1. An apprenticeship is a 4-year contract between company and apprentice, comprising a 12-week theoretical training, which includes 4 subjects at national exam level.

2. A learnership is a structured learning programme that leads to a qualification in a certain field. The learnership programme includes a theoretical and a practical component. It usually takes about a year to complete. The training takes place on-site (on the premises of the organisation). This has the advantage that the learner gets on-the-job experience whilst training.

3. FET colleges offer theoretical training to prospective artisans via the new National Certificate Vocational (NCV). During this 3-year programme (levels 2 to 4), learners complete a school-leaving certificate (this NCV) similar to the
new National Senior Certificate (NSC) in schools. They are also exposed to a practical workshop component.

All learners are required to complete a practical internship under the supervision of an experienced artisan. As an alternative to doing the full qualification, a learner can apply to do a skills programme at a FET College. Skills programmes are short practical hands-on courses.

For more information about qualifications and skills programmes, contact your nearest FET College. FET Colleges are accredited and funded by a SETA (Sector Education and Training Authority) such as MERSETA or CHIETA. They also receive bursary funding through the National Student Financial Aid Scheme (NSFAS) for the NCV programme.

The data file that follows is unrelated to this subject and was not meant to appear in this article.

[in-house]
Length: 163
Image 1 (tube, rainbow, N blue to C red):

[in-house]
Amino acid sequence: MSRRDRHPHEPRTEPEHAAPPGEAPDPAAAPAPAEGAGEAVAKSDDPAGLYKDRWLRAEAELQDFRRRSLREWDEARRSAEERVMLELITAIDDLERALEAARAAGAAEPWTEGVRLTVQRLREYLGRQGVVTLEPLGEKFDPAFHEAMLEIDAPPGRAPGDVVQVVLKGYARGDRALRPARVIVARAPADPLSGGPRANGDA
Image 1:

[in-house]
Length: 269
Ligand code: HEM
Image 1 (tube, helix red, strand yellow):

Learners must all receive training in occupational safety and first aid, fire-fighting and preventative security measures. Learners study everything about the installation, maintenance and repair of all electrical equipment. They must also become familiar with municipal legislation relevant to electricity supply and consumption.

- Transnet
- SA Navy
- Private shipbuilding firms
- Self-employment, with enough capital to start own shipbuilding operation

South African Boat Builders (SABBC)   
P O Box 26982
Hout Bay, 7872
Tel: (021) 790-3666